Misfortune has its funny side, and doctors see a lot of it. But a patient who hears that he faces salami surgery will not see the joke
Tuesday 25 February 1997
Shortly afterwards in the doctors' mess, the same student stumbled across some junior surgeons discussing their career options. "Do you put wife before knife, or knife before wife?" "Knife." "Before wife?" "Of course." "Absolutely." When she pointed out that comparing a life soul-mate unfavourably with a scalpel was a tad disrespectful, she was treated with derision. "Oh no, we've got another lefty lesbian on our hands." I could go on but you get the picture. There are still plenty of surgeons out there who make Martin Clunes seem like Germaine Greer. And they're proud of it.
To be fair, you do need to make enormous personal sacrifices to reach the top in surgery, and brainless hectoring is one way of coping with a very stressful job. Likewise, laughing at misfortune. When I asked a group of medical students whether it was possible to have a sick "salami surgery" sense of humour and be a good doctor, most not only agreed but declared it essential. As one put it; "All humour is laughing at misfortune, and if you're surrounded by it every day you're bound to laugh at it more than, say, someone who works in Thorntons." "Surely if you work in a chocolate shop you see lots of unfortunate fat people?" "Yes, but they're not going to buy your chocolates if you laugh at them, so you don't do it. At least not in front of them."
And there's the rub. The students decided it was both ethical and practical to have prejudicial or disrespectful attitudes in the privacy of your own mess or coffee room in a "you've got to laugh or you'll go under" sort of way, provided they don't spill out in a consultation. This, it appears, is where surgeons fall down. "Some of them say exactly the same things in public as they do in private." "Isn't that just refreshing honesty?" "Not when it causes so much distress. It's as if they're so powerful and unaccountable that theirs are the only feelings that matter." Although in theory every patient has a right to a second opinion if a doctor upsets you, the practical reality is that it's very difficult. Much more difficult than say, switching chocolate sellers - unless you're prepared to pay. I'm no great fan of private medicine, but it's amazing what the promise of lucre does to a bedside manner. No one mentions salami surgery in the Balmoral Clinic.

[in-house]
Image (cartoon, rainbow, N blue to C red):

All this surgeon bashing is enough to make us GPs feel smug, but we're not in the clear by any means, especially when it comes to obesity. After smoking, this is the biggest single cause of premature death in the UK, and much more besides. Overweight patients have lower self-esteem and more psychological problems than any other single patient group, including cancer sufferers. Many of them never go near a chocolate shop, and many eat no more than slim patients. Yet virtually every obese patient I've met has had a doctor say to them at some stage "there were no fat people at Belsen". This a typical arsey doctor's way of saying "If you ate less, you'd lose weight" - which is undoubtedly true - but the message is lost in the gag and patients leave feeling more stigmatised than ever. Alas, they rarely tell the doctor how upset they are. It took the Daily Mail to blow the whistle when a doctor told a woman that "nobody fat walked out of Auschwitz", without realising she was Jewish.
I recently met a woman who had conquered her obesity but said at the time how it took over her life. "Every decision I made was coloured by my low self-esteem. I was buying a pair of shoes and the sales assistant asked me if I wanted some polish for them. She chose a shade I was certain was wrong, but I didn't say anything because I'm sure she'd have thought "Silly fat cow, what does she know" - so I let her sell me the wrong one." If over-weight patients can feel so threatened by shoe fitters, imagine what doctors do to them
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